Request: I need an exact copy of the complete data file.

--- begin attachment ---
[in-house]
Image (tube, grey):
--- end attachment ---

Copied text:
[in-house]
Image (tube, grey):